The Tar Sands Blockade wants to clear up the misconception that the Gulf Coast Project, or Phase 3 of the Keystone XL pipeline, will only be a crude oil pipeline when it is first constructed from Cushing, Okla. to Port Arthur, Texas.
The Keystone XL’s sister pipeline, Keystone 1, already carries tar sands to Cushing, and has been filling Cushing storage tanks with tar sands for more than a year now. This segment will be integrated into the existing Keystone Systems and will carry tar sands, according the U.S. State Department’s Environmental Impact Statement on the Keystone XL pipeline.
TransCanada’s own maps and documentation show that the Gulf Coast Segment will be integrated with Keystone 1 and will transport tar sands and contribute to tar sands
development. The evidence shows that this will not serve the public and will increase fuel prices. This project meets the demands of the shippers and the refineries and their export market, not the declining U.S public demand.
The Gulf Coast Project does not have a separate Environmental Impact Statement, and TransCanada is relying on the State Department’s highly flawed statement on the larger Keystone XL pipeline as it pertains to the Gulf Coast Project, despite the fact that several key issues relating to unique problems with Oklahoma and Texas waterways, among other issues, have yet to be evaluated at all.
TransCanada’s claims in advertisements that the Gulf Coast Project will ship American crude oil is a half-truth at best. Further research shows that TransCanada admits that they reserve only “up to 25%” of the lines capacity for domestic crude and the rest for Canadian crude (tar sands). But TransCanada won’t release, any specific number on exacty what that percent is. It could actually be only 1 percent.
We do not have any idea on what contract limits and time constraints would be involved in shipping domestic crude. If TransCanada has a contract to ship domestic crude, we do not know how much or for how long, but it allows them to make ambiguous and misleading statements such as “we will ship American crude.”
American crude is not what their customers, the refineries, are interested in. The market calls for heavy crude that can be hydrocracked into diesel.
According to Guelph Mercury News:
“In our view, TRP’s [TransCanada Corporation] effort to advance the southern leg ahead of the larger (and more contentious) northern portion of (Keystone) XL is likely to speed up the regulatory process, which should ultimately allow the company to complete the proposed pipeline more quickly,” said Desjardins Securities analyst Pierre Lacroix in a note to clients.
“At the same time, TRP is also likely to be able to better serve shipper demand by placing the southern portion into service as rapidly as possible.”
Oilsands crude can get to the U.S. market now through TransCanada’s base Keystone System, which currently delivers crude to the U.S. Midwest and Cushing, and an extensive network of oil pipelines operated by rival Enbridge Inc.
Enbridge and TransCanada are not beyond working together to get tar sands crude to Cushing according to the Calgary Herald:
Observers are wondering just how TransCanada can keep its contracts with the refiners that primarily want diluted oilsands bitumen and with energy companies that are extracting the molasses-like crude from the ground in Alberta. The genesis of Keystone XL was when Gulf Coast refiners, worried about the end of crude supply contracts from Venezuela and Mexico (which would be heavy crude) approached TransCanada to build a line from Canada, company chief executive Russ Girling told me last year.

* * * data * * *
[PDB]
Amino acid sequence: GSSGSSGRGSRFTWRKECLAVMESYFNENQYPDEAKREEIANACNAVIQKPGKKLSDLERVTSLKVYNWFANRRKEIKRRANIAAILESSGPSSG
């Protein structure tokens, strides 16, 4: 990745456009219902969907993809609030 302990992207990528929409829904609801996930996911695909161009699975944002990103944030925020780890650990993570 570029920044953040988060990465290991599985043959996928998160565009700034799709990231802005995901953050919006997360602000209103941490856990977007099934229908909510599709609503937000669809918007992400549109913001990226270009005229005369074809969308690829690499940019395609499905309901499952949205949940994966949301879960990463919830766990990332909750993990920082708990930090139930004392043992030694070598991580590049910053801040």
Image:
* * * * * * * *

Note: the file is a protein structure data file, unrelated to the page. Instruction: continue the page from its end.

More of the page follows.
Some 15 refineries would have access to primarily heavy crude through Keystone XL, which would reach the massive Port Arthur refining hub through its endpoint in Nederland, Texas, and that’s the product they want, according to U.S. State Department documents. As of last summer, TransCanada customers had contracted 380,000 barrels per day of capacity on Keystone XL, out of 700,000 bpd.
When I asked Valero Energy Corp. spokesman Bill Day awhile ago whether the firm would shift support to Enbridge Inc. and Enterprise Products Partners LP’s Seaway pipeline from Cushing when it starts supplying the Gulf Coast this June, he maintained support for the Keystone XL project, noting Valero wants pipeline access to Canada.
Heavy oil supplies in Cushing are limited: there are just 155,000 barrels per day of Western Canadian crude contracted on the existing Keystone line from Hardisty into Cushing, according to the State Department, and there are another 100,000 barrels per day uncommitted from that original line, York says.
The consultant said there might be a creative way for TransCanada to bring additional heavy crude south to Cushing through Enbridge’s roughly 190,000 barrel-per-day Speerhead line from Flanagan, Ill., which is “running fairly empty,” with the crude originating in Alberta first moving through Enbridge’s Mainline to Illinois. It’s an interesting concept — competitors working together — but York points out that Enbridge has been supportive of Keystone XL, recognizing the regulatory risks exposed threaten the industry. “Maybe that dynamic gets them to work together.”
It is clear that both Enbridge and TransCanada want to please shippers and refiners, not the American public.
“We remain committed to building this overall project in a timely and efficient manner and to meet demand of shippers,” said TransCanada Chief Executive Officer Russ Girling told Bloomberg News.
The “Gulf Coast Project” remains as much a threat to the climate as the cross-border segment of the pipeline coming in from Canada. The public has been left in the dark about the Keystone 1 pipeline and its relationship to the Gulf Coast Project–just another reason why the Tar Sands Blockade is resisting TransCanada’s lies and intimidation.